13 October 2015

What markets have done for us


We generally have a good idea about what makes a society rich. The state needs to be secure from internal and external threats. Its political and economic institutions need to be transparent and accountable. At the heart of its economy, there needs to be fair and competitive markets where contracts are enforced, strong infrastructure, a well-educated citizenry, a clear tax code, and a fathomable regulatory framework. For those countries which are not already prosperous, the first step is often setting up a non-corrupt government to introduce basic technologies around healthcare, hygiene and vital resource distribution.

But why are markets themselves so important to successful societies?

1) Markets are an expression of liberty

Liberal thinkers have long associated the ownership of property as an essential underpinning to a free society – that ownership both of one’s person and of the basic necessities of life are essential bulwarks against oppression. “All mankind… being all equal and independent, no one ought to harm another in his life, health, liberty or possessions,” wrote John Locke in the second of his Two Treatises of Government in 1689.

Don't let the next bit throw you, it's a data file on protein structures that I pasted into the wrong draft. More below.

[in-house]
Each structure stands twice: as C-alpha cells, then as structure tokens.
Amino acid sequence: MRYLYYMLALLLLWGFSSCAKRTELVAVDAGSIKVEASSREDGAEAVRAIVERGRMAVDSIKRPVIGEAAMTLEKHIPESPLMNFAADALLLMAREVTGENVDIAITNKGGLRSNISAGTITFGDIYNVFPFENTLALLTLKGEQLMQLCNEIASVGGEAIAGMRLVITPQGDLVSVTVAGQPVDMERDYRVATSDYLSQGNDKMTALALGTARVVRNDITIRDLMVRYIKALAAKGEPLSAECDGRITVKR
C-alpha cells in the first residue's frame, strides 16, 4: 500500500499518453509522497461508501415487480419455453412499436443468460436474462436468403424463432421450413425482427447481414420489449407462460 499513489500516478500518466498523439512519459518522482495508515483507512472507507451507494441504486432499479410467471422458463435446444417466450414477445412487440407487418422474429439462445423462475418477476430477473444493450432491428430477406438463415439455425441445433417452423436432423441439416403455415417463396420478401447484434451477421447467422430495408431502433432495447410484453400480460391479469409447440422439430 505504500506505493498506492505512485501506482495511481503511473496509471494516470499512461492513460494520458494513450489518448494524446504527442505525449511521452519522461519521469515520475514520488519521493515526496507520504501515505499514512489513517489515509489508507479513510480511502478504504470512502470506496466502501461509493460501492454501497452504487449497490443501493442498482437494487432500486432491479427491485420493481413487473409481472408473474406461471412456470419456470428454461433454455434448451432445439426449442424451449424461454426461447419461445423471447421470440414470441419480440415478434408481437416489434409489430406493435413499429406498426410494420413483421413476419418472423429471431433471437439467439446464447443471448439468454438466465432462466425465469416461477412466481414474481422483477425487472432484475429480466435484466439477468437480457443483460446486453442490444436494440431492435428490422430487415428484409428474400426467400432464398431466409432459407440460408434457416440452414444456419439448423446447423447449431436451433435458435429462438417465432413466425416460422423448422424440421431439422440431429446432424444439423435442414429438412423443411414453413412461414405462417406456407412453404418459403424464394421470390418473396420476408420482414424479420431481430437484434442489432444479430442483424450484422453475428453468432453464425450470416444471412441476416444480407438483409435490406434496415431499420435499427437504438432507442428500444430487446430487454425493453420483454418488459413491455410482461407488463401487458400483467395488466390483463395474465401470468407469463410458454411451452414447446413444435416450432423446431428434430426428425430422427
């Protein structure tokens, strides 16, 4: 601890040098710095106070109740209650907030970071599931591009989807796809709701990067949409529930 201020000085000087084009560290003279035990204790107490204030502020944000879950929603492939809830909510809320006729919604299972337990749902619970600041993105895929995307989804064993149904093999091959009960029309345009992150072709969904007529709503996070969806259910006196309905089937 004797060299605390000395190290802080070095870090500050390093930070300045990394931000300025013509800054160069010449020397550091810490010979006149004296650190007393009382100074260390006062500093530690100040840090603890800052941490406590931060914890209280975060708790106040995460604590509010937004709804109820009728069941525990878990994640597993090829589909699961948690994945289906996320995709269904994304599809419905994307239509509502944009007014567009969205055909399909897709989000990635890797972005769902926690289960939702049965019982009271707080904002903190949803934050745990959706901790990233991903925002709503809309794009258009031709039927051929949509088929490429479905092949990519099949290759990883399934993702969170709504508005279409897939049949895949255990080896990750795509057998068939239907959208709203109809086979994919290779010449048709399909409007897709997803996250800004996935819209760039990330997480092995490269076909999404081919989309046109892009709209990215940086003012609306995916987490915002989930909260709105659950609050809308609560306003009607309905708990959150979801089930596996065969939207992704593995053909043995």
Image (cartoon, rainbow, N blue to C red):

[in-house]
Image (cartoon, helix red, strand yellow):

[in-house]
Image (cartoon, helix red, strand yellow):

At the heart of Margaret Thatcher’s model of capitalism was a property owning democracy, the intellectual ballast for which was provided by David Howell. That property owning democracy has been wrongly interpreted as promoting just home-ownership. What they were actually supporting was a kind of popular capitalism in which the many had a tangible stake in companies, be they corporations, co-operatives or mutuals. At her party conference speech in Blackpool in 1985, Thatcher called for ownership in shares to be as popular as ownership in cars.

A report published by ResPublica last week showed that we have been going backwards. Individual share ownership has halved since the 1980s. Only 11% of total outstanding UK shares are held by individuals, while home ownership is back to the levels it was in 1985. These are tragic developments and do much to undermine support for the free enterprise system.